With soaked hair dripping down across his face, his black buttoned up shirt already drenched in sweat, George Clarke appears on stage with a feral look in his eyes. Like he’s sizing up the opposition and ready to attack. It’s late summer in Helsinki and an unexpected heat-wave has been hanging over the city the whole day. The air inside Tavastia is smoldering.
With the disciplined gracefulness of a conductor and a simmering undercurrent of fury, he raises his hand and ceremoniously signals with one sharp move of his hand that Deafheaven is now in command.
Instantaneously the band erupts and unleashes a thunderous blast of torpedo guitars that pierce your skull. The evening’s hour-long set is dedicated to showcasing their most recent album, New Bermuda, which they plow through without theatrics or any form of sensationalism. Watching Clarke is unsettling at times. He moves like an animal on stage; restless, alert, hyper-vigilant. He seems used to a much tougher crowd than the one that’s turned up this Monday evening at Tavastia in Helsinki. His presence is both invading and electrifying as he places a piercing stare on you. He reaches out his hands towards the audience, like he wants you to feel every word that he’s saying.
It’s been five years since Deafheaven last played Helsinki and in that time they’ve grown into one of the most genre defining and critically acclaimed metal bands of today. Their take on black metal has made the metal community stop and turn, some with hesitation but most in awe. All the initial hype that surrounded Deafheaven might have done them a disservice in the beginning, as if they were nothing but a gateway band in to harder metal. But it never prevented them from gaining momentum.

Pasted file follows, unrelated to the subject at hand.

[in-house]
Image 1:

Since their 2011 debut Roads to Judah, the San Fransisco group has systematically silenced everyone who would shrug them off as not being metal enough, or slapped the “hipster metal” label on them. While a label which they have been instrumental in redefining, it’s one that will hopefully soon be ultimately eradicated from the discussions surrounding their music.
“You guys have some water? It’s pretty hot in here”, Clarke asks the audience in between songs. He seems genuinely curious as to how we haven’t all fallen to the floor in pure exhaustion. A valid concern.
I can’t help view it as a form of peace-offering, as he throws a water bottle into the audience. It lands in the hands of the guy who’s been pressed against the stage all along, who later on delivers the first punch which sets off the evening’s only mosh pit. Appropriately erupting within the first explosive seconds of “Sunbather”, during the encore.
Everyone around me seem to be in the same cathartic state of mind while Deafheaven cradle us to the comforting sounds of Dreamhouse. “I want to dream”, Clarke screams. It’s a call to action. Deafheaven is at home in that borderland between heaven and hell, light and dark, conscious and unconscious, dream and reality. Perhaps that’s why they draw you in so completely, as if you’re balancing on the edge alongside them, with your eyes closed.